Abolitionist Union generals.

Saint Jude

Sergeant Major
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I don't know about the others, but Schurz definitely was.

Just read over some of my notes and found that Stephen D. Engle says in Yankee Dutchman that Sigel was an abolitionist as well. He also says that the slavery issue is what drew many Germans into national political activity.
 
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I'm wondering if most of those Germans from the 48 revolution were abolitionists, at mid-level. August Willich, Franz Siegel, Louis Blenker and Carl Schurz.
I know Willich fell out with Marx and Engels over wanting to start a revolution again in the 1850s, even though Engels , had been his aide-decamp in the 48,49 uprisings.
Willich was definitely an abolitionist as were most of the leading 48ers as you said. My biography of Willich will be published in the fall of 2020 through a major university press.
 

TnFed

First Sergeant
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Jun 18, 2018
I look forward to purchasing a copy. I found how he felt with the fame that Marx and Engels obtained.
 
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I'm wondering if most of those Germans from the 48 revolution were abolitionists, at mid-level. August Willich, Franz Siegel, Louis Blenker and Carl Schurz.
I know Willich fell out with Marx and Engels over wanting to start a revolution again in the 1850s, even though Engels , had been his aide-decamp in the 48,49 uprising
August Willich most likely was. If you're willing to duel Karl Marx for not being Communist enough, you're probably not a big fan of slavery
 

Fairfield

Sergeant Major
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Dec 5, 2019
Butler was absolutely not an abolitionist prewar. He was "the hunkerdest of Democrats" by his own definition. He was utterly contemptuous of true Abolitionists, and only became antislavery after witnessing the effects of the institution during the first months of the war.
But he sided not with the Hunkers but with the Barnburners (who were anti-slavery and supporters of the Wilmot Priviso; they eventually joined the Republican Party). In an 1854 letter to Martin van Buren, he called the Kansas-Nebraska Act "the most wanton, the most inexcusable piece of folly and wickedness ever perpetrated on our county".
 
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But he sided not with the Hunkers but with the Barnburners (who were anti-slavery and supporters of the Wilmot Priviso; they eventually joined the Republican Party). In an 1854 letter to Martin van Buren, he called the Kansas-Nebraska Act "the most wanton, the most inexcusable piece of folly and wickedness ever perpetrated on our county".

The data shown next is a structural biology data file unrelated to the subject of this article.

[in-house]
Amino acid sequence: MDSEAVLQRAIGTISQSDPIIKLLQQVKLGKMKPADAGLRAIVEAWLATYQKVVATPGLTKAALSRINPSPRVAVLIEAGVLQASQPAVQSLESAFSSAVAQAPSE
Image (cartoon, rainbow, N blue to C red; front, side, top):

At the Democrat Convention in 1860 he voted 57 times for Jeff Davis because he believed that only a moderate could unite the party and he was a friend of Southern rights.
 
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Frank Blair Jr was a a early supporter of the Republican party and was well known for opposing slavery and advocating free soil politics before the war
The Blair family opposed extension of slavery to the territories and supported colonization of slaves both before and after the war. They were not embraced by most of the abolutionist movement.
 
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The Blair family opposed extension of slavery to the territories and supported colonization of slaves both before and after the war. They were not embraced by most of the abolutionist movement.
Supporting colonization doesn't change one was anti slavery, the same was true of Lincoln.
 
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Supporting colonization doesn't change one was anti slavery, the same was true of Lincoln.
Blair was opposed to expansion of slavery to the territories and supported the colonization movement. At the same time, he owned slaves at the start of the war and disagreed strongly with Freemont when he tried to unilaterally emancipate slaves in Missouri. It was a complex time.
 
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Blair was opposed to expansion of slavery to the territories and supported the colonization movement. At the same time, he owned slaves at the start of the war and disagreed strongly with Freemont when he tried to unilaterally emancipate slaves in Missouri. It was a complex time.
Blair opposed Fremont for the same reason he opposed Harney, then Lyon......he wanted the job himself.
 
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